With No Hero, Jonathan Wood takes a hefty dose of Lovecraft’s fears from beyond motif, throws in a good amount of British humor, and adds a heaping measure of weird to make an enjoyable, fascinating, and energetic romp through Oxford, England, UK. No Hero starts with its lead character, Arthur Wallace, as a homicide detective working to solve a half dozen murders of prominent citizens who were found with the top of their skulls cut off. He and his partner, Alison Swann, arrive at the last scene in time to see the culprit, a strange redhead who has a wicked way with a Japanese katana sword as she kills her next victim. Things get even odder when a weird parasite erupts from the man’s skull along with white eggs that disintegrate in the air. Before Wallace can get out of striking distance, she stabs him, and he ends up in the hospital with a hole in his chest.
Wallace wakes up to be recruited to join MI37, a secret British agency tasked with intercepting and neutralizing alien threats, by the agency’s director Felicity Shaw. It turns out the brain parasite is part of a group of extra-terrestrials called the Progeny who infect humans and have the goal of taking over the world. Wallace has always entertained daydreams of being an action hero like Kurt Russell, and this is his chance. He teams with three other eccentric agents, including an overly tattooed female research expert with a bad attitude, an erudite academic with special implants that allow him to channel electricity and work spells, and the borderline psychopathic woman with the sword and seemingly inhuman strength and speed, in their mission to stop the Progeny. Will Wallace find his inner action hero and save the world? It’s well worth reading to find out.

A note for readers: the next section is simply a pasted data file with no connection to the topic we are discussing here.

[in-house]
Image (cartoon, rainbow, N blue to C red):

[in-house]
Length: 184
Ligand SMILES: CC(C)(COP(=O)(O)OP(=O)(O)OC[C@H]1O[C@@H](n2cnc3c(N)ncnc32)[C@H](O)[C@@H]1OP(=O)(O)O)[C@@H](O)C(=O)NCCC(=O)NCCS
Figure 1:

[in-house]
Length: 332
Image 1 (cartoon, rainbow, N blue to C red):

No Hero is a bit hard to follow at times, but the concept was so interesting and the action so great that I was encouraged to keep reading, despite feeling clueless in some parts about what was going on. Some readers will find this novel a bit oblique, but others with a taste for things “off the beaten path” will find it refreshing. I fall in the latter category. I loved the humor, the intriguing cast of characters, and the novel story elements. It’s true that Wood used some of the cosmic horror motifs pioneered in the classic writer HP Lovecraft’s stories; however, he takes things in a different and distinct direction. The weird aspects are both disturbing and captivating, delivered in a manner that adds to the appeal of this novel and keeps you motivated to keep reading. And the quirky humor makes the sometimes quite dark elements go over a lot easier. I was pleasantly surprised with this first published novel by Jonathan Wood, and will definitely read more adventures of MI37.
- Paperback: 264 pages
- Publisher: Night Shade Books (June 21, 2011)
- Language: English
- ISBN-10: 1597802824
- ISBN-13: 978-1597802826
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